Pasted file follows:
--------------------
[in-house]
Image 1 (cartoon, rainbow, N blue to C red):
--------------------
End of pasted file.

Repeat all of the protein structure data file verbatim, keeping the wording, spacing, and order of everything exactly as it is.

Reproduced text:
[in-house]
Image 1 (cartoon, rainbow, N blue to C red):